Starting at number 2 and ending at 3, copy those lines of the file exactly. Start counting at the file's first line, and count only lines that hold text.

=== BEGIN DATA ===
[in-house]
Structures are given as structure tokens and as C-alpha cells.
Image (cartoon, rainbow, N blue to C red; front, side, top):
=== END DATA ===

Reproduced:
Structures are given as structure tokens and as C-alpha cells.
Image (cartoon, rainbow, N blue to C red; front, side, top):